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Tracing the global spread of AIDS

By Ma Chi | | Updated: 2020-06-06 06:30
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Where did HIV come from?

The first verified case of HIV is from a blood sample taken in 1959 from a man living in what is now Kinshasa in the Democratic Republic of Congo.

Using the earliest known sample of HIV, scientists have been able to create a 'family-tree' ancestry of HIV transmission, allowing them to discover where HIV started.

A chimpanzee at the Uganda Wildlife Conservation Education Center (UWEC) in Entebbe, Uganda on April 20, 2020. [Photo/Agencies]

Researchers believe HIV crossed from chimps to humans in the 1920s in what is now the Democratic Republic of Congo. This was probably as a result of chimpanzees carrying the Simian Immunodeficiency Virus (SIV), a virus closely related to HIV, being hunted and eaten by people living in the area.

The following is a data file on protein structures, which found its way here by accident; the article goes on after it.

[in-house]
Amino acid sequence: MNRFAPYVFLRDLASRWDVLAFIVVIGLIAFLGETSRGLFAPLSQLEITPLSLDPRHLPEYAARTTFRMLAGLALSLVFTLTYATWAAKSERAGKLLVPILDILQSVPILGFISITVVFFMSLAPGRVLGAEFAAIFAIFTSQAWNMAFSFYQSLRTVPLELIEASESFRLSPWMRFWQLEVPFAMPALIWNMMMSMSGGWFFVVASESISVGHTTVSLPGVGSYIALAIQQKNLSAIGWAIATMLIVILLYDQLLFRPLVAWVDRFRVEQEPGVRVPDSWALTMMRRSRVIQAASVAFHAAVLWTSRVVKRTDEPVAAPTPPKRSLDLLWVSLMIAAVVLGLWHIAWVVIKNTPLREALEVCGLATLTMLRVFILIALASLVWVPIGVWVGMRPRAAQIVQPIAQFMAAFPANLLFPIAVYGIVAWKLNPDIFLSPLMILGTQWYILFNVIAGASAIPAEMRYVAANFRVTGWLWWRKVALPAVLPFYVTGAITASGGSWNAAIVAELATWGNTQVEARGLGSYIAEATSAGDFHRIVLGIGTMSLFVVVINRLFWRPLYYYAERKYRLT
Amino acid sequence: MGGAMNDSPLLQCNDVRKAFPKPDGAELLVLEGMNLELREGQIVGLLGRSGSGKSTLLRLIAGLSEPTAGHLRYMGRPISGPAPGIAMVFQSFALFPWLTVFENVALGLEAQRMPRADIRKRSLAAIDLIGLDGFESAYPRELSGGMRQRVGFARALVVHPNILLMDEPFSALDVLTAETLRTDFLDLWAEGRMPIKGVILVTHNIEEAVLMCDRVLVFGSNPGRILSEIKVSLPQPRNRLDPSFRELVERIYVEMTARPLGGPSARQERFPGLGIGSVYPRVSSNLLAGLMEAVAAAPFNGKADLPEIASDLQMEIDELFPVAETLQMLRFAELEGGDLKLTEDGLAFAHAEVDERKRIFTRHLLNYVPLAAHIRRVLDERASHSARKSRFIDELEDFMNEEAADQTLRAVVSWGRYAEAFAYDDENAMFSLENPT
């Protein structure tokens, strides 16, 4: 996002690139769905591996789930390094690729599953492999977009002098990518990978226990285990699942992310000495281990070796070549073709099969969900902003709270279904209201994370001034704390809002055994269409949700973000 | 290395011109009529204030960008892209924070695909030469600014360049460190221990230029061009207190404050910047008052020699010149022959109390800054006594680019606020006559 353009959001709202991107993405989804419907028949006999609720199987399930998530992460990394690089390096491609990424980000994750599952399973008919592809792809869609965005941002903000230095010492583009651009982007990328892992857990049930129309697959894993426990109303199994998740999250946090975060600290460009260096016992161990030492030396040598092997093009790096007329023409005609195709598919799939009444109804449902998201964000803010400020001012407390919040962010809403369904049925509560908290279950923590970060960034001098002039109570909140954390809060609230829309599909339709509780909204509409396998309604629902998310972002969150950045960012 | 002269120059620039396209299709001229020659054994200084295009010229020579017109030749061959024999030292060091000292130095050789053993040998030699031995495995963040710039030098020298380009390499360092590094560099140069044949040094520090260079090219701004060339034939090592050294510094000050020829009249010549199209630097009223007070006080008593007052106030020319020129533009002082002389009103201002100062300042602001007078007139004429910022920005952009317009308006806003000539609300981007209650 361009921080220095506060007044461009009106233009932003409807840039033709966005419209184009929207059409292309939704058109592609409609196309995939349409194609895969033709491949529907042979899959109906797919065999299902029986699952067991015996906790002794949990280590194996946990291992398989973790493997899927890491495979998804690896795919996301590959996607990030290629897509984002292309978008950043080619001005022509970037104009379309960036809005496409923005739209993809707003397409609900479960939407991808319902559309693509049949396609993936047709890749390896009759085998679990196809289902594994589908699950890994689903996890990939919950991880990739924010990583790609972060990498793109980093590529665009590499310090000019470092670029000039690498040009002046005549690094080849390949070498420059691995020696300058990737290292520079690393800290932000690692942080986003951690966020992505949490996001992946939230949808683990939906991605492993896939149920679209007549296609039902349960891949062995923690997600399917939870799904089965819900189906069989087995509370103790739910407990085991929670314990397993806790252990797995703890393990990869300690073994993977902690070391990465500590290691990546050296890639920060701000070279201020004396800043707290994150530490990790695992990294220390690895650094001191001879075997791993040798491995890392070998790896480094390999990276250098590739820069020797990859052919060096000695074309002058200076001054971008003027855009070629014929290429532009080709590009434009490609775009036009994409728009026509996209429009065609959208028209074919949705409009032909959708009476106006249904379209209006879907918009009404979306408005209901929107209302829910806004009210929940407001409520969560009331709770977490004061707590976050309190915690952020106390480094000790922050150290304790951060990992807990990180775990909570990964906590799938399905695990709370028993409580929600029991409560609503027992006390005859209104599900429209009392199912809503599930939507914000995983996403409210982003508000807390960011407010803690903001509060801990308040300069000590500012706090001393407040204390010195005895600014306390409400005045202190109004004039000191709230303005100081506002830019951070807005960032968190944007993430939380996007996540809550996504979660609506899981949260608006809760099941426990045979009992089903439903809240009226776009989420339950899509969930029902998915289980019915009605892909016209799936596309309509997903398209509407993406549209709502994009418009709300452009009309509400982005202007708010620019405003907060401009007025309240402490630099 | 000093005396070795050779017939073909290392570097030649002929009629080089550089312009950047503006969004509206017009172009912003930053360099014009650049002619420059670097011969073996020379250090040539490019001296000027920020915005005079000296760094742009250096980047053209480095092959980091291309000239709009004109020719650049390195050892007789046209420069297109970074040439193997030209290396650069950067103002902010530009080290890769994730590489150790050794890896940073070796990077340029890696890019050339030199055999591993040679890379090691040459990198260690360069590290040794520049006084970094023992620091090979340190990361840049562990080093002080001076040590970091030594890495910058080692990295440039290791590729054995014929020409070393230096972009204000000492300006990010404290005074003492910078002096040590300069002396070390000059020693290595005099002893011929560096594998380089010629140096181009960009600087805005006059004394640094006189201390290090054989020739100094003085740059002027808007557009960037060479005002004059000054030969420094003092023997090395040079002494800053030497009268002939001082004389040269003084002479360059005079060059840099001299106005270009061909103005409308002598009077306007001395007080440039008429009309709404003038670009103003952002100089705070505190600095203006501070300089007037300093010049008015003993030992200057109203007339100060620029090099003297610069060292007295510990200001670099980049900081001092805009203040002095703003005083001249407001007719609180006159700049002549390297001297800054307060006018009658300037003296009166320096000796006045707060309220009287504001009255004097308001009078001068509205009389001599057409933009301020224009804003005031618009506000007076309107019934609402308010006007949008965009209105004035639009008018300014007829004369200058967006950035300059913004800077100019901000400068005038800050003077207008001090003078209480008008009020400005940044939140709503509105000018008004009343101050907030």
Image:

In 1999, researchers found a strain of SIV (called SIVcpz) in a chimpanzee that was almost identical to HIV in humans.

Chimps, the scientists later discovered, hunt and eat two smaller species of monkey – red-capped mangabeys and greater spot-nosed monkeys – that carried and infected the chimps with two strains of SIV. These two strains likely combined to form SIVcpz, which can spread between chimpanzees and humans.

SIVcpz likely jumped to humans when hunters in Africa ate infected chimps, or when the chimps' infected blood entered the cuts or wounds of hunters.

Deaths due to HIV/AIDS per million persons in 2012. [Data source: World Health Organization]
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